By 1912 Graves divested himself of controlling interests and responsibilities in both the Spokane & Inland railway and the Granby mines.  His investments in these operations proved profitable, but many other investors, who delayed liquidating, were not so fortunate.  With his proceeds, Graves built a beautiful estate at his farm, purchased years earlier, on a bluff overlooking the Little Spokane River.  The estate he named “Waikiki” was designed by architect Kirtland Cutter and landscaped by the Olmstead Brothers firm.  (It is now Gonzaga University’s Bozarth Conference and Retreat Center.)  He also began investing in property north of Spokane, accumulating some 3000 acres, most of which he intended to develop and sell.

The residential acreage market was beginning to soften at this time, and Graves needed an incentive to entice buyers.  That incentive came in the form of donating land to the floundering Whitworth College, which was looking to relocate from Tacoma to a more strategic site.  Graves offered a proposal that gave Whitworth a vested interest in promoting the sales of lots around the donated land.  The college accepted, and a ground-breaking ceremony took place on May 22, 1914.  Graves continued to take an active role in the ongoing development of the college, and upon his death on April 27, 1948 at the age of 88, his ashes were scattered at a favorite spot on the Whitworth campus.

Graves experienced financial difficulties in his later years.  His real estate investments went flat and further speculation in the mining business was unproductive.  He had to sell Waikiki in 1937 at a deflated value.  Nevertheless, this shrewd, industrious businessman was remembered for his successes, and seen as a visionary who left for future generations such legacies as Manito Park and Whitworth College.

Next time, we will learn more about the expansion of the South Hill portion of Spokane and the newest  building boom in the area.

Tuesday, December 9, 2014

Spokane expands at a rapid pace…

According to the book, “Manito Park: A Reflection of Spokane’s Past”, by Tony Bamonte and Suzanne Schaeffer Bamonte of www.tornadocreekpublications.com:

Jay P. Graves’s early years in Spokane clearly influenced the transition between horses and motor vehicles.  The street railway enabled and encouraged the rapid building and expansion of Spokane.  The extension of his line through the South Hill fed the development of the Manito Park area.  Although Graves’s most financially significant accomplishment was the development of the Granby Mining, Smelting and Power Company in British Columbia (the largest copper producing mine in Canada at the time), his most important accomplishment in the Inland Northwest was the development of the electric railway system.

The caption in a July 9, 1907 newspaper article read:  “SPOKANE TO HOLD A WORLD’S REECORD:  longest Electric System on Earth Owned by One Company”.  Graves was quoted as saying, “Spokane has more miles of electric railroads than any other city in the Pacific coast states.”  The article continued, “This statement looks big, but it is substantiated by figures…Los Angeles comes second with a number of miles less than Spokane.”   In the final stage of development, Graves’s Inland Northwest railway empire consisted of some 250 miles.  In 1906, with the rapid expansion of the electric lines, the need to develop a private source of power (heretofore supplied by Washington Water Power) began to materialize.  Construction was started on the Nine Mile power plant on the Spokane River (now owned by W.W.P.).  Graves’s various rail lines and interests were finally organized into one large company – the Spokane & Inland Empire Railroad Company.  In October of 1909, he sold this line to the Great Northern Pacific railways.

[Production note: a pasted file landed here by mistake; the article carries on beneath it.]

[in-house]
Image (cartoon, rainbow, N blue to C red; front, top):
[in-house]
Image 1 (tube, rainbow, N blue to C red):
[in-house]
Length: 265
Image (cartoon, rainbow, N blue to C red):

During Grave’s development of his electric railroad, the Inland Northwest’s first serial murder was uncovered.  In December 1903, while grading for a sidetrack on the new Spokane and Coeur d’Alene electric line – a line Graves absorbed in 1904 – a construction crew unearthed a total of 11 skeletons near Coeur d’Alene.  Most of the remains were found in shallow graves on or near the grounds of former Fatty Carroll’s Resort.  Because “serial murder” was an unrecognized occurrence at the time and investigation techniques quite unrefined, the skulls and bones were exhibited in the various saloons and business houses around Coeur d’Alene.  This technique apparently was ineffective – it remains an unsolved mystery today.

Tuesday, December 2, 2014

By 1903, Automobiles Gain Popularity in Spokane:

According to the book, “Manito Park: A Reflection of Spokane’s Past”, by Tony Bamonte and Suzanne Schaeffer Bamonte of www.tornadocreekpublications.com:

Because of the frequency of horrible accidents and even deaths due to runaways and other horse-related incidents, Spokane had “Ordinance Relating to Horses.”  One of the first recorded accidents occurred on November 15, 1881, when the Western Hotel Express wagon, with eight people aboard, failed to negotiate the corner as it came onto Riverside Avenue at Blalock’s corner.  William Cannon, father of Anthony Cannon, was one of the passengers injured.  The 1892 municipal code cited, among other infractions, that riding a horse faster than six m.p.h. in the city or on a sidewalk was a misdemeanor punishable by stiff fines.

During the late 1800’s, Spokane had a no-nonsense approach to crime.  The city fed its jailed inmates bread and water, had a city rock pile where the prisoners worked, and carried out the only three official hangings in the history of Spokane County.  All three men were sentenced for murder within a year of his crime.

On July 26, 1903, an article appeared in the Spokesman-Review summarizing the status of automobiles:


No other town in the northeast can boast of as many automobiles as Spokane.  The broad level avenues of the city, together with the good condition of paving generally, level avenues of the city, afford an ideal place for the pleasures of automobiling.  Two styles of machines are noticeable.  They are what are termed the “runabout” and the “touring car”.  The runabout is the smaller vehicle, generally having but one seat and adapted to two persons.  The touring car is readily distinguished by its greater size and weight, and many have two, three or even four seats, and is suited for the accommodation of half a dozen or more passengers.  The latter machine is also more expensive, averaging from $1500 to $3000.  The runabout can be purchased for from $700 to $1200.  Of the three agencies used as motive power-electricity, steam and gasoline – the latter seems to be the most in favor.  It is asserted the gasoline engine requires less attention and is the most serviceable…